Old 9th November 2008
  #20
Quote:
Originally Posted by slipperman View Post
I think you are imagining something different than what TF is talking about.


If being able to recall all your time domain outboard parameters(on what is over a dozen "imbedded" devices, and as many as 2 dozen devices in roving racks in my "A" room) from your song launch in a DAW, without having save presets in the various boxes memories is something you wouldn't find useful... MIDI is not for you.


If being able to tweak all the parameters of a PCM80 or H3000 or TC M5000 that's 9ft. away from you in a rack from the "sweet spot" using the tactile surface of the LFAC(mine will do this via MIDI, yours may or may not) to control multiple parameters sounds unappealing... MIDI is not for you.

If being able to automate realtime or drawn changes in the DAW from your control surface or mouse/trackball and replay them seamlessly with your mix sounds "old school" you may be in the "wrong school", and MIDI is not for you. This would include program changes and tempo mapping for delay(even reverb time if your a modestly clever boy).

If using MMC to drive ANYTHING that has a positional registry in the control room from ANY of the various "transport masters"(DAW keyboard, remote wireless keyboard, control surface, LFAC transport control, etc) WITHOUT relinquishing anything to a master/slave arrangement isn't something that would make your life dramatically easier... MIDI is not for you.

To answer the original question.

No thrill... you're not.

I use just about every conceivable MIDI related protocol/procedure including Sysex/MTC/MMC like a madman here every day. I have MIDI incorporated into every fixed and rolling rack and every one of almost a dozen DAW in the building are set up to ID and communicate with any device in any room at any time.

ANYTHING useful with a MIDI port gets in the loop.

I personally don't understand why ANY digitally controlled analog device DOESN'T have MIDI incorporated. Those of us who have a bunch of EL-8's or Fatso's or whatever would certainly love to have not only sysex "recall", but also REALTIME control of those devices during mix.

Call me crazy.

MIDIOT till death I fear!!!

HOHOHO.

Best regards,

SM.

Ahhh of course my GS brother from another mother would!!!!!!thumbsup

So the LFAC can do this huh??? The problem is finding a TC M5000 being sold with one. All of the ones i've seen are without the remote. I wish someone would design a new universal remote for effect units. I am suprised no one has done it, i mean there is a market for such a thing.

On a basic hybrid mix i have 12 effect units running digitally in and out alone, not counting the many other analog I/O effect units that are hooked up as well. Not all have midi, but the ones that it would be a god send to control them from one place as well.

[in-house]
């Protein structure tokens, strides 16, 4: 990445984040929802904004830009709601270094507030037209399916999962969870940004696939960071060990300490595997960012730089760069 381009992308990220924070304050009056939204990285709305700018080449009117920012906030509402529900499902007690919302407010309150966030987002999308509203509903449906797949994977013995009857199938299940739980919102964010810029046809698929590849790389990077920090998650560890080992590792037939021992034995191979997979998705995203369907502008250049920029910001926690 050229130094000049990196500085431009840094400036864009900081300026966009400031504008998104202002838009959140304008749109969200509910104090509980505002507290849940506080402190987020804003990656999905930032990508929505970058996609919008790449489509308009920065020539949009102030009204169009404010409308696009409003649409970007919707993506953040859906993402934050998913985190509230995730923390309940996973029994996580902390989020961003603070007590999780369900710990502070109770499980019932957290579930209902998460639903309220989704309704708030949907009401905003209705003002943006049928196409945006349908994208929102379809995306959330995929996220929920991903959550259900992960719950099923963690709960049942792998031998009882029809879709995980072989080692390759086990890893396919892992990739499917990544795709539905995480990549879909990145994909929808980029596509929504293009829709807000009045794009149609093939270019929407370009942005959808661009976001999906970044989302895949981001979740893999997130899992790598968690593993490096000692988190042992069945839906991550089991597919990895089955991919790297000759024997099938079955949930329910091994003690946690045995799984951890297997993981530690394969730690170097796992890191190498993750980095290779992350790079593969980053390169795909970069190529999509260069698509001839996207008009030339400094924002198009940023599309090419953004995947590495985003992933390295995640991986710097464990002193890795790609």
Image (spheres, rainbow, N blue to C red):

I agree on the Distressors. I have (4) and just to be able to recall the data per session instantly would be cool as well. Dave Derr are you listening?
Old 9th November 2008
  #21
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Quote:
Originally Posted by thethrillfactor View Post
but the ones that it would be a god send to control them from one place as well.
That's why I use MIDI Quest
Old 9th November 2008
  #22
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Is this turning into open MIDI worship?

MIDI rules.

I've been working on an MMC remote control for the HD24. Beats the pants off that rinky-dink remote that ships with the thing.

I wrote a program that parses Virus TI sysex dumps of multis and converts them into RAM bank images for the Virus. Sweet, huh?

My MIDI fantasy (heh) is to develop a MIDI-over-audio protocol that packs MIDI messages into the bytes of 24-bit audio, and uses a digital audio channel to deliver that **** at 96KHz with sample-accurate timing. That's 2.3Mbits/second of control information delivered on time every time. I would build little gizmos with an optical AES connetor on one end (gotta maintain optical coupling here) and a MIDI jack on the other, patch it into my audio interface alongside the audio channels, do some latency compensation tweaks to get it *exactly* lined up to the sample, because that's how tired I am of having my notes wiggling around like so much jello, and record with timing perfection.

OK, well, I haven't put much time in on it yet, but it's an idea.

-synthoid
Old 10th November 2008
  #23
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travelboy's Avatar
 

That's a pretty neat idea, synthoid! Well, use cases would probably be somewhat limited. It would work just fine for dumping settings, but since you would not be able to edit the MIDI data within an audio application, you cannot do much more without converting back and forth.

And where fault tolerance is concerned, I see two alternatives:
1) rely on pure digital copying with no changes whatsoever in the data. That would make the interface very easy to design, but it would fail if you just alter the level somewhere or convert to analog and back
2) design a fault-tolerant protocol (for example by mapping MIDI bits to frequencies. Then you have to find a good compromise between requirements. If you distribute the frequencies further apart, you can easily detect them with digital filters, but the whole thing becomes slow because lower frequencies need longer pieces of audio. Not sure how slow (MIDI is very slow anyways, if compared to audio clock rates). If you squeeze them tighter together in the upper frequency range, you need better filters. One would have to calculate it. Hey, what a crazy project :-)

I like the idea. I have once built a synthesizer from scratch (logical gates and flipflops) in an FPGA. It never got very advanced, but at least I was able to plug in a MIDI cable and play simple waveforms in polyphon. My MIDI interface was basically a UART and a state machine. If you don't want to parse and validate the data, you could get away with little more than the UART on the input side. The output is easy anyways.

Keep us informed if you ever start working on that idea
Errm... sorry for driftig off-topic.